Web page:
Oscar winner Charlize Theron explodes into action in Atomic Blonde, a breakneck thriller that follows MI6’s most elite spy through a ticking time bomb of a city simmering with revolution and double-crossing hives of traitors.
The crown jewel of Her Majesty’s Secret Intelligence Service, Agent Lorraine Broughton (Theron) is equal parts spycraft, sensuality and savagery, willing to deploy any of her skills to stay alive on her impossible mission. Sent alone into Berlin to deliver a priceless dossier out of the destabilized city, she partners with embedded station chief David Percival (James Mcavoy – ‘Split’, ‘X-Men’ series) to navigate her way through the deadliest game of spies.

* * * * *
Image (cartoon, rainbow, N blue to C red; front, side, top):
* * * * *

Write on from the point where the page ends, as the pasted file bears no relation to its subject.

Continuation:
A “blistering blend of sleek action, gritty sexuality and dazzling style”, Atomic Blonde is directed by David Leitch (co-director, ‘John Wick’; director of upcoming ‘Deadpool 2’), who has imagined a world as brutal and deadly as it is real.
The setting for the story that would become Atomic Blonde represents a singular time and place in history: Berlin, right before the Wall came down after standing for 28 years. Constructed in 1961 by the Communist East Berlin government to separate citizens from the city’s American, British and French sectors – which had been established via the 1945 Potsdam Conference agreement at the conclusion of WWII – the Wall had engendered a cloaked, segregated arena in which spies, operatives and Cold War players would wage battles both official and unsanctioned.
“It was a Wild West atmosphere,” marvels Charlize Theron, who began developing the script almost five years ago, with an eye to perform in the action-thriller. “You had the Soviet KGB and the East German Stasi against the American CIA, British MI6 and French DGSE. Graft, bribery, blackmail, violence – this was the daily diet for those agents at that time.”